• Blogger Buster: Blogger users should have this one in their bookmarks. Everything you want to know and then some about how to manage and customize your Blogger blog.
  • Edublogger: This site is specifically written for people who design, develop, and use educational blogs. However, the information spans niches and is valuable to all bloggers. The author uses many screen captures to make instructions especially easy to follow.
  • BlogWell: This site offers everything from theory and design articles to HTML and CSS instruction for WordPress. It is targeted to small businesses and non-profits.
  • Lorelle on WordPress: As the name suggests, this blog focuses on and blogs and how to take them to the next level. Lorelle provides tips, advice, and techniques for WordPress bloggers.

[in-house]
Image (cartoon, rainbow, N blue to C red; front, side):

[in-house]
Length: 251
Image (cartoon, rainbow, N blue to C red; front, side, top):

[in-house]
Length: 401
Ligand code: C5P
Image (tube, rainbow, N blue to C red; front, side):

What are and how do I create permalinks?

A permalink is the link to an individual blog post. These are important because if you ever need to link to an exact blog entry (e.g., for a carnival or an archived post), you use the permalink as your link. It’s poor blog etiquette not to use the permalink.

If you don’t use the permalink, you’ll just be linking to your main blog page. The problem with that is that, as you post new blog entries, the newest entry appears at the top of your main blog page and the other entries are pushed down on the page. The entry your readers are looking for may be down at the bottom of the page or already in the archives; your reader has no idea where to find the entry! If they click over to your site expecting to see a post specific to a carnival and they see a different post, they may not take the time to find the “real” post they’re looking for.

You can find the permalink link under any blog entry. However, not all blog hosts/designs handle permalinks the same way.